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With a recession looming, mortgage servicers have not stopped working with struggling homeowners in the post-COVID-19 era to avoid defaults where possible. However, as post-moratorium data begins to flow in, Fitch Ratings reports that new REO inventory — properties in the 1-179 day category — have increased by 14.5%, reflecting the uptick in active foreclosure filings in 4Q22.

“While loan portfolio delinquencies for Fitch-rated bank and non-bank servicers were stable for the third consecutive quarter, the impact of four consecutive quarters of new foreclosure filings post-moratoria is now being felt in new REO volume,” said Fitch Director Richard Koch. 

Bankruptcy and foreclosure filings and 60-90+ day delinquencies showed no significant change quarter over quarter for bank servicers, while non-bank servicers reported a 1% increase in new foreclosure filings. 

On the topic of loan modifications, banks and non-bank servicers reported a small decrease in loan mods quarter over quarter to 31% from 35% and 17% from 20%, respectively. Active forbearance plans for banks and non-banks reflected an increase quarter over quarter to 37% from 35% and 42% from 40%, respectively.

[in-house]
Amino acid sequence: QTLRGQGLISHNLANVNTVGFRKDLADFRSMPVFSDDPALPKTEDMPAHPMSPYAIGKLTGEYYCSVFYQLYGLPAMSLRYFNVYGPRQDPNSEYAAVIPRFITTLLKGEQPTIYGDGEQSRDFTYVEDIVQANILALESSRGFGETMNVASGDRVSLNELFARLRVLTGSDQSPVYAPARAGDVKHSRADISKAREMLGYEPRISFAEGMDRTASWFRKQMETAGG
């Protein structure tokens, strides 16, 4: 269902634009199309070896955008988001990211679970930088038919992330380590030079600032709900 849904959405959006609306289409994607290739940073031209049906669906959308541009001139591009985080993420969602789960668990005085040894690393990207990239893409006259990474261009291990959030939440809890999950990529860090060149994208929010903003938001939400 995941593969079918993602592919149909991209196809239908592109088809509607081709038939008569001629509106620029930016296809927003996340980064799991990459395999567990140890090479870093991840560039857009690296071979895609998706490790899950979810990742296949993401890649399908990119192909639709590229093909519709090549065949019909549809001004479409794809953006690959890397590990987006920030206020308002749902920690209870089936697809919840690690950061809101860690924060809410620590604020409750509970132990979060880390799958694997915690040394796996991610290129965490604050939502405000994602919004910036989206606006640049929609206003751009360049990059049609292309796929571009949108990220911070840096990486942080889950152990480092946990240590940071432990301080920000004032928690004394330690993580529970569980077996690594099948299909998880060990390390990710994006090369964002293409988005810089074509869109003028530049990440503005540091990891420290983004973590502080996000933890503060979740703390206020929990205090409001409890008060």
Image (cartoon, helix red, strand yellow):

“The increase in forbearance applications may be attributable to the CARES Act extension through 1Q23,” Fitch said. “Other exit strategies, such as short sales, deferments and deed-in-lieu of foreclosure account for 29% of monthly loss mitigation workout volume for non-bank servicers, an increase of 7% from the previous quarter while bank servicers reported it unchanged at 2%.” 

Among other data reported by Fitch, bank servicers reported a decrease in full-time employees for the third quarter with an average reduction of 10.5% from last quarter while non-bank servicers upstaffed by about 5% on average from the previous quarter. 

Click here to view Fitch’s report
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